Wynn, William (DNB00)
WYNN, WILLIAM (1710?–1761), Welsh poet, was the son of William Wynn of Maes y Neuadd, near Harlech (sheriff of Merioneth in 1713–14), by his second wife, Margaret, daughter of Roger Lloyd of Rhagatt, and widow of Meredydd Lloyd of Rhiwaedog. There was a son by the first marriage, Robert, who succeeded to Maes of Neuadd, and was sheriff in 1733–4. William was born about 1710; he matriculated at Oxford from Jesus College on 14 March 1726–7, and graduated B.A. on 12 Oct. 1730, and M.A. on 15 July 1735. In 1740 he became vicar of Llan Bryn Mair, Montgomeryshire; in a letter written from this place in 1745–6 to Lewis Morris [q. v.] he shows himself a diligent student of Welsh antiquities, but complains he has no leisure for anything save ‘scribbling Welsh sermons.’ In 1747 he exchanged Llan Bryn Mair for the rectory of Manafon in the same county; to this was added in 1750 the rectory of Llan Gynhafal, Denbighshire, and it was here he lived henceforth until his death on 22 Jan. 1760. He married Martha, daughter of Henry Roberts of Rhyd Onnen, and left a son Robert, who entered Jesus College, Oxford, in 1766.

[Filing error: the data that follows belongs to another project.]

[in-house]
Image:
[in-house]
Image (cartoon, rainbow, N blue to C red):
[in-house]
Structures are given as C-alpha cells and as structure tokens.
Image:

Wynn was esteemed one of the most skilful Welsh poets of his time, but no separate collection of his poems has been issued. The collection known as ‘Blodeugerdd Cymru’ (1759) contains a carol and some lighter verse of his; his weightier poems appeared in the same year in another collection, ‘Dewisol Ganiadau yr Oes Hon,’ which includes seven of his pieces. Among them is the ‘Cywydd’ on the last judgment, deemed by some critics to be not inferior to that of Goronwy Owain on the same subject. The works of Rice Jones (1818) contain an elegy on Wynn.
[Foster's Alumni Oxon. 1500–1714; Breese's Kalendars of Gwynedd; Cambrian Reg. ii. 511–536; Lloyd's Hist. of Powys Fadog, vi. 375, 415; Browne Willis's St. Asaph; Thomas's Hist. of the Diocese of St. Asaph; Williams's Eminent Welshmen.]